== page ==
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Thursday, October 19, 2006

Translator Licensing

It has been proposed that translators be subject to licensing, like lawyers, physicians, and accountants are, to be allowed to exercise their profession or at least to sign certain types of documents. Those who argue for licensing expect translators' incomes to rise substantially if we are subject to licensing restrictions, which would be equivalent to significantly reducing the supply side of the supply/demand balance. Those against question the practical implementation of licensing, like "Who will do the licensing?". We don't want government bureaucrats to decide whether or not we are allowed to exercise our profession. Universities are not equipped for this since, unlike medicine, law, and accounting, translation does not depend on a well-defined body of knowledge which is relatively easy to test for. Neither do we want to outsource this function to translation companies, who may have their own agendas and will be suspect as objective testers.

The American Translators Association (ATA) offers certification in 27 language combinations, but only about 1/4 of its individual members are certified.

The debate on licensing is nothing new. It was discussed within the ATA decades ago, and the current state of affairs in the U.S. reflects the outcome of that debate.

It may be time to resume the debate on this issue in this era of globalization. What do you think? Should translators be subject to licensing? Who is to administer the test and grant the licenses? According to what objective criteria? What activities would be subject to licensing? What may and what may not an unlicensed translator do?

If you don't live in the U.S., tell us if translation is subject to licensing in your country, and what is your experience with the current state of affairs there.

Gabe Bokor


Blogger Kristina said...

I think it's definitely worth some more thought. And if there is a way to make sure that the ATA certification process is fair and unbiased*, why not use ATA certification as a basis for licensing.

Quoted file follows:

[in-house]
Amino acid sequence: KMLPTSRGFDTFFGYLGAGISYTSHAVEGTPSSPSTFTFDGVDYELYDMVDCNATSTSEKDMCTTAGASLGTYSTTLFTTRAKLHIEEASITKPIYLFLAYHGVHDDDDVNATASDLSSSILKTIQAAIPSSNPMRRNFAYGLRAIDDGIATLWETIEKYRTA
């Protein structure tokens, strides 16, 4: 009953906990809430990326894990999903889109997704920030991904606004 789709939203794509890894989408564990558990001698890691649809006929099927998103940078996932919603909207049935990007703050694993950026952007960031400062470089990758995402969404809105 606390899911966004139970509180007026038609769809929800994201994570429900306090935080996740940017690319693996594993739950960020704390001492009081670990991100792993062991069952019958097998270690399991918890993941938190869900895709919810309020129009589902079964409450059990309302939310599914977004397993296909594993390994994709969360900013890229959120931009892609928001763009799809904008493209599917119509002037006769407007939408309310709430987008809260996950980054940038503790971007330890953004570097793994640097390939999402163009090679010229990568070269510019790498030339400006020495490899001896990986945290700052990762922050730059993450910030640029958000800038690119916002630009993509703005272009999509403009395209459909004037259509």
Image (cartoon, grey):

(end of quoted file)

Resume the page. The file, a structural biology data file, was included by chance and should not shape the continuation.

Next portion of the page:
*They already have the facilities for testing in place. However, I think it would be a good idea to have someone who is not affiliated with the ATA in place who can verify the fairness of the ATA certification process. Regular spotchecks of the ATA process might be indicated.

If a license were required to practice as a translator and/or interpreter, that might weed out some really incompetent people. Of course, it would probably also mean that more translation work would go overseas, but still...

And I think that in order to maintain one's license regular re-testing every few years would be a good idea. That would be far better than the current CE requirements of the ATA because it would actually measure people's continuing skills, which the current ATA requirements for maintaining certification simply don't do, unfortunately.

1:38 PM  
Blogger Betty Howell said...

In Quebec, CERTIFIED translators require a permit, issued after satisfying the admission process, in a given language combination. With this permit, we are allowed to sign and stamp official translations and do not require that signature to be authenticated. But anyone who wants to can translate -- it's the title that is controlled, not the activity. It seems to work for us: we get paid well and are considered professionals. However, it is a provincial matter -- it is up to the province to recognize the professional association of translators (and interpreters and terminologists) and authorize them to issue permits. ATA as a national organization would not be an equivalent. I think other professional licenses in the US are state-issued, not national.

2:10 PM  
Blogger steve said...

The economics of licensing are unquestionable. The question then becomes how to do it. And I disagree with your premise: "We don't want government bureaucrats to decide whether or not we are allowed to exercise our profession."

That implies that someone somewhere who knows nothing about anything sits there and invents useless standards. That is simply not true. The professional boards are intimately involved with the professional associations to determine who is qualified to practice at the "certified" level. The doesn't mean that uncertified people are barred from practice; as with accountancy, they can practice, just not certify.

No, translation work would not go "overseas" because to present a translation within the US as "certified," it would have to be certified by someone certified here. As with the other liberal professions, residency requirements should be implemented. Then "certification" would be worth something and CE would be beneficial. Right now it's a laughingstock, because the only thing that seems to matter is cost.

2:16 PM  
Blogger Robin Bonthrone said...

To me, "translator licensing" sounds as if you have to buy a license from, say, your local post
office if you happen to own a translator. Bit like a TV license. Or a dog license. ("John Doe was fined 500 dollars for being in possession of a translator without a license").

But basically this "licensing" thing is just another round in the tired old "closed shop" argument, the economics of which are entirely questionable. Here's a thought: Let's assume that such a licensing system is instituted in the United States, and that only translators who are licensed in the United States are permitted to work in the United States, or for U.S. entities. And let's say that the EU retaliates, imposing similar restrictions in the EU, effectively shutting out U.S.-based translators from the EU markets. Oops. Are those "unquestionable economics"? I do love it when North Americans try to behave like good old-fashioned Soviet-style protectionists.